It’s not like I was holding that much back before — unfortunately, I tend to do my thinking out loud — but for better or worse, I’ve been more candid than usual in recent interviews. I don’t know what’s brought it about, really, other than: Being truthful and open feels really good, but even more than that, it’s not boring. So many podcasts are so boring and who wants to be boring? I’m also just genuinely happy and relaxed right now, so, I dunno, I just don’t feel like bullshitting. (You’d think the opposite would be true? That I’d have more patience for bullshitting now that I’m happy and relaxed? Life is weird.)
My interview with Jonathan Small on Write About Now:
Filed under: interviews
To quote Tristan Tzara, “thought is produced in the mouth.” Only an extrovert or a poet would say that, and, unfortunately, I’m both. Sometimes I don’t know quite what I think until I say it. (And often what I say out loud is articulated much better in the books.)
Here’s a part of our conversation about what I saw on book tour that I was happy to see highlighted:
“People are anxious about feeling like they should be doing more. Information is not their problem. A lot of these people that I meet, they’ve read all the blogs, bought all the books, and they know they’re supposed to get up and do their three morning pages and share something every day. They know they’re supposed to write down their dreams and thoughts and do their bullet journal. They know they’re supposed to be doing this stuff, but what they really need is someone to just take them aside and remind them this is supposed to be fun. This work we’re talking about isn’t about running an Etsy shop. It’s about like feeling like a human being. It’s hippie stuff like that people really need someone in my position to share. They need someone to say, ‘I watched three hours of Justified last night.’ You would be amazed how many nights I spend drinking whiskey and watching reruns of my favorite shows. The purpose of this work is not to build a side hustle. It’s about being a human being, and there are just so many people out there right now that just need a little bit of affirmation.”
On a sidenote, it was good to visit the Texas Monthly office, too, because they gave me one of my first reviews almost a decade ago.
To promote Keep Going, I spent the past two weeks recording podcasts all afternoon, so here’s a little roundup of the first ones to post.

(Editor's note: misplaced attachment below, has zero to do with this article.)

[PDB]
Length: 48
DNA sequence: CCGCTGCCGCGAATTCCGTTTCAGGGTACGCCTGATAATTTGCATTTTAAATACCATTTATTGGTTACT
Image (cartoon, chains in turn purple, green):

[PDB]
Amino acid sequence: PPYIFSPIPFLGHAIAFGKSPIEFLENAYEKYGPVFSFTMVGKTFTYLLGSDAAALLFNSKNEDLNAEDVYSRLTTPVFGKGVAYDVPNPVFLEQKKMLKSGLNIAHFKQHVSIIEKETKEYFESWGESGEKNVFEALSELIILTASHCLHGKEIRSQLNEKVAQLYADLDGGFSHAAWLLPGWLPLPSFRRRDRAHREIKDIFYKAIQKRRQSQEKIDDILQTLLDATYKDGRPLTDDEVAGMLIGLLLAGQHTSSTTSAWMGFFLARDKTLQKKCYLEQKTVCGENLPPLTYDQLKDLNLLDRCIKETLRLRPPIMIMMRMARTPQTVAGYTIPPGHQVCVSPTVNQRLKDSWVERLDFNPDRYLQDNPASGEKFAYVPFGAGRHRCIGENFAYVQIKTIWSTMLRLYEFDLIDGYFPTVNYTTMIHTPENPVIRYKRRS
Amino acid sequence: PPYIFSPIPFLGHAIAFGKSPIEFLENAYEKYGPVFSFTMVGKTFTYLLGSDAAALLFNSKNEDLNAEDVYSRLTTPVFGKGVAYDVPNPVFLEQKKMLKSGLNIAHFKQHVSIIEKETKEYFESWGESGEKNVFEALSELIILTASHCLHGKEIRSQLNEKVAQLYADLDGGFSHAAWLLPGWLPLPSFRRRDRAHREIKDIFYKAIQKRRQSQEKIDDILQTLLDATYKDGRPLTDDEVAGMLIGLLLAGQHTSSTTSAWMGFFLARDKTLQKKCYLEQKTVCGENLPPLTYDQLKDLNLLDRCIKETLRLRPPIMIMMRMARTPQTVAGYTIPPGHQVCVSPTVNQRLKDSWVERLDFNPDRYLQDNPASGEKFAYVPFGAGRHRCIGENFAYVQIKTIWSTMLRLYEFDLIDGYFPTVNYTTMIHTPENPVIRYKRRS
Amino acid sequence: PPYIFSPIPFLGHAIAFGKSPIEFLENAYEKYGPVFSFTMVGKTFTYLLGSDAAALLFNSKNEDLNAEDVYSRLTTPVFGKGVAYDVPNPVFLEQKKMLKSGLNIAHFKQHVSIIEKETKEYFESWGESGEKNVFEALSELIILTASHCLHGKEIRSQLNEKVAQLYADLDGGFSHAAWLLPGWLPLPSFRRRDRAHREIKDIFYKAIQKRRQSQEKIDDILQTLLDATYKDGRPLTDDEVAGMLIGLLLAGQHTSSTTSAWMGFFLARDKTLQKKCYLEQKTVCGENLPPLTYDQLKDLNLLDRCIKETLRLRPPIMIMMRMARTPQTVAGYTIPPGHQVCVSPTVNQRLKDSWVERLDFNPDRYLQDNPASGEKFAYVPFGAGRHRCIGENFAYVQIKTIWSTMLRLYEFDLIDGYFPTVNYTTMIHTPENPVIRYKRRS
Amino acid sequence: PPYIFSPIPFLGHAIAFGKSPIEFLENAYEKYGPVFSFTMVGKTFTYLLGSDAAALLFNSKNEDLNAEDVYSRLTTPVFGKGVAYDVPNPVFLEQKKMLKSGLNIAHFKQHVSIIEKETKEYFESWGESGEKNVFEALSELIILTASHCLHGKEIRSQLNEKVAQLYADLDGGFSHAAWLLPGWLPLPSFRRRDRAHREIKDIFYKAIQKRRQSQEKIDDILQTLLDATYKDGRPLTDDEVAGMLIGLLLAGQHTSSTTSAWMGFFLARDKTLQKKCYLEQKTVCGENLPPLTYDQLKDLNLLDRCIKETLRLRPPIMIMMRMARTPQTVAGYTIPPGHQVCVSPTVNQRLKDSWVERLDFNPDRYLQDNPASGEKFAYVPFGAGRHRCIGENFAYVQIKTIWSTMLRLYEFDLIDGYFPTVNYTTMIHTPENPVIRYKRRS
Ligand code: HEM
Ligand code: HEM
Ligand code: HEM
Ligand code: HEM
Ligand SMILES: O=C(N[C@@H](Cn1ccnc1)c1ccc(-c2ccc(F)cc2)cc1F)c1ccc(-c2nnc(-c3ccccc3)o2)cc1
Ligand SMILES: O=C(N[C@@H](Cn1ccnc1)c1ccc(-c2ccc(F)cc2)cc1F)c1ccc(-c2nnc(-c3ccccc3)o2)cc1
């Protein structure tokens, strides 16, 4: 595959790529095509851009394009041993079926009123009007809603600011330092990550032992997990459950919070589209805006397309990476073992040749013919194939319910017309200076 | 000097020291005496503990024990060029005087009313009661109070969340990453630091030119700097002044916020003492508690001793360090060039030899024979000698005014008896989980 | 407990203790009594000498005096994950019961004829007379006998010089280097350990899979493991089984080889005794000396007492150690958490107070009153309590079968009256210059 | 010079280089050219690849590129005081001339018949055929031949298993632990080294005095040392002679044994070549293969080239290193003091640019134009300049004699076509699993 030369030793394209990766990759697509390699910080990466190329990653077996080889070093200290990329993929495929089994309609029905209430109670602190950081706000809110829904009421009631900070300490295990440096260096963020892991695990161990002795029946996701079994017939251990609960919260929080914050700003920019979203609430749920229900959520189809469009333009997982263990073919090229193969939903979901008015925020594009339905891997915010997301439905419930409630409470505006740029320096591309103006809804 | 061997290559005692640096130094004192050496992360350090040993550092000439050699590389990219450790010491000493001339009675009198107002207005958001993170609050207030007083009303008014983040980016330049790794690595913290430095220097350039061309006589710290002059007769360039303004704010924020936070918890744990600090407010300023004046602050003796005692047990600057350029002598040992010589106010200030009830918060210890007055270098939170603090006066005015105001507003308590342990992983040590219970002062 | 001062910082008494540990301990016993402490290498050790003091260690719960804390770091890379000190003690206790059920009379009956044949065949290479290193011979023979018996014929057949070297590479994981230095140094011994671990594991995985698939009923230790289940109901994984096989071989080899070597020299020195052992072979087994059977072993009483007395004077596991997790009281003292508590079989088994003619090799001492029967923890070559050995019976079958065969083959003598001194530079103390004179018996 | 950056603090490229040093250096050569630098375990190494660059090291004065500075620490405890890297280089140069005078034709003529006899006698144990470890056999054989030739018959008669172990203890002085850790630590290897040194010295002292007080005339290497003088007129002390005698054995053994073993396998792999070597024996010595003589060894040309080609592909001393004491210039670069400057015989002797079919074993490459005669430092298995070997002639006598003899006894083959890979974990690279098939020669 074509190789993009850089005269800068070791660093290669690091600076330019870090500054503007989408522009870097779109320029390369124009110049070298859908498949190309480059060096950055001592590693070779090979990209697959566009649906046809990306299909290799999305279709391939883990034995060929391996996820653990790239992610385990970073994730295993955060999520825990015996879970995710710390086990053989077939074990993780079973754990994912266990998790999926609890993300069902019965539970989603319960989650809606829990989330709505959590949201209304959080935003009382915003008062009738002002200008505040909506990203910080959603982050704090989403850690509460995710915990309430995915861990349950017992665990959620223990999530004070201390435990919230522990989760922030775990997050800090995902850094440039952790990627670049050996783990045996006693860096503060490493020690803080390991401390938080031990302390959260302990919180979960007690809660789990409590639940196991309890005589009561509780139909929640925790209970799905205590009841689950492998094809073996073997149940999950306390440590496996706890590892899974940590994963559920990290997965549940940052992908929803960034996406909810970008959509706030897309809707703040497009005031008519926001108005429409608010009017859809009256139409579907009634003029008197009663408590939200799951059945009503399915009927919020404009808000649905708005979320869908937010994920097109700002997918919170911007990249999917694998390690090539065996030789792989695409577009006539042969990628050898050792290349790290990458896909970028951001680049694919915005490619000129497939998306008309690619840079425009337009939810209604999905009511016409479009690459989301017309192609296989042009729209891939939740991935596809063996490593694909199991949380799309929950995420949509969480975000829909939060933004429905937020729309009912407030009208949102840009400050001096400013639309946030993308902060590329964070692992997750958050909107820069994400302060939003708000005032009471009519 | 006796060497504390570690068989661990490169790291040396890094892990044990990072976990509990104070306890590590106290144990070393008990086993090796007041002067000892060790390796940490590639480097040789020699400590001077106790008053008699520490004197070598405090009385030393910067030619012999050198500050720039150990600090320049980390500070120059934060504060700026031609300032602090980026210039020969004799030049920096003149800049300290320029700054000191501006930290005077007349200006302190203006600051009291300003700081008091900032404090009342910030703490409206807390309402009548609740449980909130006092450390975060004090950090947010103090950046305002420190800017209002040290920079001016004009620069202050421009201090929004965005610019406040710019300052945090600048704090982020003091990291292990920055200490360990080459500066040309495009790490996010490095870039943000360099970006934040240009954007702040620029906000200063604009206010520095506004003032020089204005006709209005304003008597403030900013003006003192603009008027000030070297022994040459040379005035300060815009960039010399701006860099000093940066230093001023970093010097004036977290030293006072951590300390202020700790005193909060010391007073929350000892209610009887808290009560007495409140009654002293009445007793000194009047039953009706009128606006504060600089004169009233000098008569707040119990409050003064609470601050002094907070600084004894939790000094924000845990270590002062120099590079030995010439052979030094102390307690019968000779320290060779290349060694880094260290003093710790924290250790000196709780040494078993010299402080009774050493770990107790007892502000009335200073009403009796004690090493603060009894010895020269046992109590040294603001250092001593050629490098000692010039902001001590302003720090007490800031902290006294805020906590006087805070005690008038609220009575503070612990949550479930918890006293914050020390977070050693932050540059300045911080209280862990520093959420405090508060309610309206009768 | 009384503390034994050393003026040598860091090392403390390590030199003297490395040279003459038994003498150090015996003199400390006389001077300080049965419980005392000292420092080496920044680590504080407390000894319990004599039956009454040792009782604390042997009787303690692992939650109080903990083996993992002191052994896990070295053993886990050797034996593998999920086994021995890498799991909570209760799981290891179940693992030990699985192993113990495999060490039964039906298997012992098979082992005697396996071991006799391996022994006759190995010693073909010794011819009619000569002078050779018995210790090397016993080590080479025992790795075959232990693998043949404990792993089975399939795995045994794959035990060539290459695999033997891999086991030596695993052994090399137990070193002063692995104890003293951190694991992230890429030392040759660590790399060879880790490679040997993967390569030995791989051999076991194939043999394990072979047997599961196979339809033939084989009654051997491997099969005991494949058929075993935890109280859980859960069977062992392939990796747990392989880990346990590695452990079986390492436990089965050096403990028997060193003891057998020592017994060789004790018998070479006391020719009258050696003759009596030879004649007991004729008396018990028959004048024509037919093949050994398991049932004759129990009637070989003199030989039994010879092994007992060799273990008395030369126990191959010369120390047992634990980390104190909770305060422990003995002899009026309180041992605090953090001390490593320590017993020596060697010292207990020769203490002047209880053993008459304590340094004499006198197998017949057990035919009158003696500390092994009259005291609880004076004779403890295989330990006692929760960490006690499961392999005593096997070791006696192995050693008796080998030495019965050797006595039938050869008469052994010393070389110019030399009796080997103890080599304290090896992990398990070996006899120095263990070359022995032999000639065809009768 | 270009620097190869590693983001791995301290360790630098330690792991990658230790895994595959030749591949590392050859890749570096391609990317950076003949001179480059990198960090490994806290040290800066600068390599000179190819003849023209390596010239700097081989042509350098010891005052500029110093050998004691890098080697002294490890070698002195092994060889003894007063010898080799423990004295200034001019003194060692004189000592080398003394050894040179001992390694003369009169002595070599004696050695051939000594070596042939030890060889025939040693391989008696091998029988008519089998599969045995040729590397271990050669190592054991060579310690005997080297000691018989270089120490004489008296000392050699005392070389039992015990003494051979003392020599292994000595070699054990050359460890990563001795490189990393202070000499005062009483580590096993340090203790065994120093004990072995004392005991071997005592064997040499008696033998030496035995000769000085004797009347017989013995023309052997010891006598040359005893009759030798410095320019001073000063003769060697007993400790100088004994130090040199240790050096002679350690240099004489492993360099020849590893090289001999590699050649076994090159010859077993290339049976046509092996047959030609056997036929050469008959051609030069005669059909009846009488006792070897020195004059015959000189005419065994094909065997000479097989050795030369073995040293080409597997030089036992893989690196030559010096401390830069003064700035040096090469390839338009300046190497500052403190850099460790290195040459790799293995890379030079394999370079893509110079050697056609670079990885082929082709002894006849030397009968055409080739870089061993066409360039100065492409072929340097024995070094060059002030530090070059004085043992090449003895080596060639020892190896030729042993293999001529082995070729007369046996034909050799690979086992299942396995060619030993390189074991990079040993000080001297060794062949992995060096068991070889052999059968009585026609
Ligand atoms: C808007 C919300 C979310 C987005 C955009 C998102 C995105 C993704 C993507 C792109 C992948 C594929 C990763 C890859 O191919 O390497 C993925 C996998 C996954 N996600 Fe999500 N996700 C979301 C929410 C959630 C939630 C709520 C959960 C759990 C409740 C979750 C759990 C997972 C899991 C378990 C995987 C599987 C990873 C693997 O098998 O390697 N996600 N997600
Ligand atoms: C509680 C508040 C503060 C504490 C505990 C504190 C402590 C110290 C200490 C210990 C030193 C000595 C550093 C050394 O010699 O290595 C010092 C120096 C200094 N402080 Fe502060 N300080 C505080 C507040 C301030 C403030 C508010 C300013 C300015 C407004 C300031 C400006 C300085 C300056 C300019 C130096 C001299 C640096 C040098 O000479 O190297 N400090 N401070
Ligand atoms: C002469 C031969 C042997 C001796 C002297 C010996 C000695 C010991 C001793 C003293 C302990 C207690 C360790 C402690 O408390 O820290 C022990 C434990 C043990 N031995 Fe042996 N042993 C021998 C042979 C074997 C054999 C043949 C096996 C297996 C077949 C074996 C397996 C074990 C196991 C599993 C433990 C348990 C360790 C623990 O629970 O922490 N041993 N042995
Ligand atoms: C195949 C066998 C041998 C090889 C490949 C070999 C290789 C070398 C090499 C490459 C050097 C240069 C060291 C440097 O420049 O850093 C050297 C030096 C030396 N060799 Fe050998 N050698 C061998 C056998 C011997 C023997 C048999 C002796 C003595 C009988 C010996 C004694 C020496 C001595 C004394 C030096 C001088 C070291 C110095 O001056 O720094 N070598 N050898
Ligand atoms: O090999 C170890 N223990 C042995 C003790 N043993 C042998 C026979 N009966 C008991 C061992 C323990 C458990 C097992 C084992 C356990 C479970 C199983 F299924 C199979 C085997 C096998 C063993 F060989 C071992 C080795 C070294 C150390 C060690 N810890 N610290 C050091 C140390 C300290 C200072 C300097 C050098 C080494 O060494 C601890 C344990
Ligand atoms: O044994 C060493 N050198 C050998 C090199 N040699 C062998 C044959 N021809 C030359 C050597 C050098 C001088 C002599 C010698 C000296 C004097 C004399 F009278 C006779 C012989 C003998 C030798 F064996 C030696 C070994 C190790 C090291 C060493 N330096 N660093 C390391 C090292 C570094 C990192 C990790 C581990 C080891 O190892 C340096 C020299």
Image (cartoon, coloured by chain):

1. I was totally flattered to be the first male guest invited on the Crafty Ass Female podcast. We talked about a bunch of stuff, but my favorite part of the conversation was when we talked about how feminism is the way out of the nightmare of being a man. (A strong belief of mine!)
2. Had a great time talking to the fellas on the He Shoots, He Draws podcast.
3. Enjoyed chatting again with The Kindle Chronicles. Len excerpted this bit:
“When I first started out, if you had told me that my books were going to be shelved in Self Help, I would never have believed you. And when I first got started I had no idea there was such a thing as an illustrated gift book. I just didn’t know that those genres existed in publishing. The really fun thing for me about doing this kind of book is that it allows me to be as weird as I want to be in a mainstream format. That is the great gift that these books have given to me.”
This is going to be one candid book tour, lemme tell you!
A week or ago I talked to Danny Gregory (author of books like Art Before Breakfast and An Illustrated Life) in anticipation of my keynote at SketchKon in November. We talked about a variety of things: the power of paper, banker’s boxes, my notebooks, paper monuments to human effort, David Sedaris, something small every day, Thoreau, collage, zines, finding your voice, etc. Listen here.
Back in February I sat down with Mike Rohde and recorded a conversation for his Sketchnote Army podcast about how I work. It was recorded on an iPhone in a noisy coffee shop downtown, but it has a casual, candid feel to it that I enjoyed.
I was right in the middle of writing the talk that would become my new book, and while I don’t talk about the book at all, I talk a lot about the process of getting to it: going back to daily blogging, putting out the newsletter, having a repeatable daily practice for generating work, reading Thoreau’s journals, watching Ralph Steadman draw, etc.
Ted Weinstein interviewed me for his new podcast, The Work Of Art.
In part one, we talked about limitations as a source of creativity, how to take more artistic risks, the value of old fashioned tools as well as social media to build community, and how to keep one’s art fresh:
In part two, we talked about why women artists are better role models for maintaining work-family balance, how to raise creative children, the value of sales and other business skills for artists, etc.: